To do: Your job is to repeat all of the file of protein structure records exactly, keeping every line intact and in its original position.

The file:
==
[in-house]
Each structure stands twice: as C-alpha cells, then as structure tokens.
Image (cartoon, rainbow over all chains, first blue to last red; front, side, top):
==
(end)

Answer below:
[in-house]
Each structure stands twice: as C-alpha cells, then as structure tokens.
Image (cartoon, rainbow over all chains, first blue to last red; front, side, top):